Monday, 15 August 2011

Financial Education - let us be clear

Since the late 1980s, compulsory education has witnessed a string of interventions intent on interpreting social and economic need as policy, often by idealists without classroom experience. Take the recent self-justification by David Starkey after a brief spell in Jamie’s Dream School. Despite actions that would have him disciplined in a professional setting, his celebrity qualifies him to hypothesize.

Herein lies the problem with Financial Education. Bereft of explicit learning outcomes, petitions to introduce it are no more than sound-bites to our debt incumbent woes. 

Asked to highlight the causes of over-indebtedness, advice agencies point unequivocally to unforeseen circumstances - redundancy, illness, relationship breakdown - whilst psychologists and behavioural economists can find no single demographic to pinpoint risk. Meanwhile the inclusion debate rages on the distinction between poverty and financial capability: it is hard to afford insurance when you can barely afford the rent.


At Zero-credit, our most recent research has identified government over-indebtedness and financial capability indicators to be fraught with difficulty. For instance, the notion that people borrow less as they grow older - referred to by economists as the life-cycle hypothesis - meets direct contradiction in the profile of clients entering advice agencies’ doors. Therefore, why focus on the young, unless a social marketing phenomenon akin to the anti-smoking lobby is our intent?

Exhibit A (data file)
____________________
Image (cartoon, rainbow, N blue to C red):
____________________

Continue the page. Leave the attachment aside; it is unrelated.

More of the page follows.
Moreover, the disqualification of consumers’ “subjective” sense of discomfort in favour of “objective” debt-service to income ratios, ensures repayment as king, irrespective of cost or consequence. Make no mistake, the availability of credit increases debt levels, and no amount of education will stop marketers from marketing new packaging, discounts and bundles. Are we to rewrite these into every Scheme of Work?


Should we give up? Only if in our desire to do something, we grasp at anything as the straw.

In entering the Financial Education debate, it is important to recognise that it is not so straightforward as a diagnosis of illiteracy or innumeracy. How can these be responsible for the near doubling of personal borrowing within a decade, when shameful as it is, illiteracy and innumeracy levels have been stable for 20 years? An absence of delayed gratification is our foe here, for in the desire to have now, pay later the very security of our streets has been at stake.


The higher order thinking skills required to make financial decisions can only ever provide part of the answer, for Financial Education is less a matter of teaching the functions of products and services than how to apply these, or indeed any other resource, to a range of different scenarios. Even if independent and critical thinking were achieved, there are countless examples of perfectly rational adults not sticking to these. Why else should we adopt auto-enrolment for pensions from 2012?

Make no bones about it. Financial Education is complex and demands far more of your attention than the glib satisfaction of those who stand to gain most from its teaching. Ask yourself, in all honesty, what do you need to learn before imposing an imprecise ideology on our youngsters.



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